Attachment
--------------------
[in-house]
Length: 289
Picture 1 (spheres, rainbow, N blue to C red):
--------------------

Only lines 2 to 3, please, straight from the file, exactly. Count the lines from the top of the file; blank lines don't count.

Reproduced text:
Length: 289
Picture 1 (spheres, rainbow, N blue to C red):